Amazon famously has meeting attendees read documents at the beginning of the meeting. It seems to work well for them (I’m not sure that’s the secret sauce, but that’s for another day). Tech exec Jason Crawford recently had a Twitter thread promoting this concept.
He got some disagreement on this, including from my friend Julia who considered it “inaccessible and exclusionary”.
Her arguments are right on and sufficient on their own. But there’s a broader point too: this is solving the wrong problem.
[ed note: The previous paragraph does not sufficiently express my intent. The exclusionary effect that Julia points out are reason enough to not engage in this practice. Full stop. My point about “solving the wrong problem” are more along the lines of “even if it weren’t exclusionary, here’s why you shouldn’t do it.” Thanks to Ruth for the comment that calls this out.]
Is your document too long for people to understand and digest? Fix that! Identify people who can act as editors that can help others within your organization write better documents. Or better yet, pay for writing training for your employees. It costs money, but it produces real (but hard-to-quantify) savings. Not only will you save time by having more understandable documents, but you may even have better ideas.
Are people not reading it because they’re too busy or don’t care? Fix that! Maybe it’s irrelevant to the person; that’s an indication that they don’t need to be invited to the meeting anyway. Or maybe they’re overworked, or mis-worked. That’s a management problem that will manifest elsewhere. Or maybe they’re just not doing it. Again, that’s a management problem — if that doesn’t show up in their performance evaluation, then you’re showing that it’s not actually important to you.
Jason suggests scheduling a 90 minute meeting if the document takes 30 minutes to read. That’s a waste of 30 minutes. Yes people should absolutely read the document. But they should also have the flexibility to do it when it makes sense to them. Maybe they have a train ride home that they’d rather do reading on. Maybe they like to block out time around their other meetings. It’s not valuing their time to decide when they get to read the document.
He also says it avoids “negotiation” about how soon in advance a document should be sent. This is a cultural norm that you can set. All of this comes down to a shortcut to avoid the hard work of setting a culture that gives people flexibility while still holding them accountable.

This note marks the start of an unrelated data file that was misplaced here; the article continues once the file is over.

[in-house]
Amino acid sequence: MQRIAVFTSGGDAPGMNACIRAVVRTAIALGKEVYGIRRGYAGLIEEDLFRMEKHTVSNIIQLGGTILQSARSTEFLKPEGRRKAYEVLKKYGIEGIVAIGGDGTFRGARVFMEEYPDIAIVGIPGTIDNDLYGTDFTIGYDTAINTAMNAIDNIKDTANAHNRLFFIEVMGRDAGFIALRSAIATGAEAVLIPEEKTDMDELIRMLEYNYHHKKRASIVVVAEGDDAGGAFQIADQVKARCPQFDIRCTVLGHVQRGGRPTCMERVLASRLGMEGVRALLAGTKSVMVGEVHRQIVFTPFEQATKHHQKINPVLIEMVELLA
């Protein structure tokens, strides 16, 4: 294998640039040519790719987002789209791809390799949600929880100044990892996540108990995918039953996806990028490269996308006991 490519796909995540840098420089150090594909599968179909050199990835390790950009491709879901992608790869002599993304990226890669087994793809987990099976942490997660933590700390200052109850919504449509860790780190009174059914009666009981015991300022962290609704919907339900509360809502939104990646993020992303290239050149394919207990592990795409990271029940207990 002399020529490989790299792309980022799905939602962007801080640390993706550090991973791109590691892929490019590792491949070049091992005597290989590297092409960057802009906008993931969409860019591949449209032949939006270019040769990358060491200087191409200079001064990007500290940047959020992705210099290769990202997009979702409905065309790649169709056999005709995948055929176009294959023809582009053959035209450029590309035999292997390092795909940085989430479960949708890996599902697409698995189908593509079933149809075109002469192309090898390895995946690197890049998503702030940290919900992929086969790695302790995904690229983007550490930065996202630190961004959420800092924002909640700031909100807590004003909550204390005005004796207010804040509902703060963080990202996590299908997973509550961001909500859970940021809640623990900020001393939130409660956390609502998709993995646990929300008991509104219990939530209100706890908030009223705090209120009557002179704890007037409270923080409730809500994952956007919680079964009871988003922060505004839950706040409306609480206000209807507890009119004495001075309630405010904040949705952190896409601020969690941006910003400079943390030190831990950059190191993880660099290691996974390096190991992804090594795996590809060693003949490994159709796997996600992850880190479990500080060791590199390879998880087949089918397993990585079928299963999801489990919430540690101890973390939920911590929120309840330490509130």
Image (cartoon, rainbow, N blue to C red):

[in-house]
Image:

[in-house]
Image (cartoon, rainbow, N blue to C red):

I’m with your friend Julia on this–and it’s not just vision problems that could cause this insane document-handling method to be exclusionary and inaccessible. If you’ve got someone aboard who is dyslexic or has other cognitive/reading issues, then setting a fixed time to read the document in the meeting will almost certainly prevent them from participating, further marginalizing people who already feel marginalized by the world around them.
And that, my dear friend, is more than enough reason to not do it–that’s not the “wrong problem.” The biggest problem here is “By doing this, I’m being an unempathetic jerk to my colleagues who do not read and comprehend the same way I do.”
Better company culture, flexibility+accountability, all that you say after the quote of Julia’s tweet, is gravy on top of fixing the problem of someone being unempathetic and exclusionary.
Good to hear from you again, Ruth! You’re absolutely right that the exclusionary impact is sufficient reason to not adopt this practice. That’s what I was trying to get across in my transition paragraph, and I apologize if I didn’t convey that clearly. Perhaps a better way to express my intent would be “even if not being a jerk to your coworkers doesn’t convince you, here are other reasons you’re wrong.”
How about “If not being a jerk to your coworkers isn’t enough to convince you, you’re truly an awful human being, and shouldn’t be considered employable by any sane organization.”
That might be overkill–I’m in a bitchy mood today, and have a hair-trigger about this sort of thing, since I deal with it All. The. Time.
Miss you much, my friend.
That’s a pretty reasonable position to take. You’ll have to try harder next time. 😉
It’s not just the problems with exclusion and accessibility (which are many and varied). It’s also a matter of the quality of the review. People will be skimming rather than reading. Because of time constraints (whether actual or perceived), many probably won’t be thinking about what they’re reading; they’ll just react. They’ll pick nits, and ignore that the document is a draft which is malleable. Even for short documents, that won’t lead to the quality of review you’re looking for.
The suggestions in the last four paragraphs of the post are good. Obviously, they’d take time to turn into reality. The question is what to do while that reality is being shaped.
Thanks, Scott! I agree that more thoughtful reactions are generally better. And you’re right that it’s a slow process to fix the cultural problems.